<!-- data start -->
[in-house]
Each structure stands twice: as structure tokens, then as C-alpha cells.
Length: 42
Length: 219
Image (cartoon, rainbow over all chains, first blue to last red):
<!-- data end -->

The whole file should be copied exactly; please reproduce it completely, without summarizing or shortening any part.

[in-house]
Each structure stands twice: as structure tokens, then as C-alpha cells.
Length: 42
Length: 219
Image (cartoon, rainbow over all chains, first blue to last red):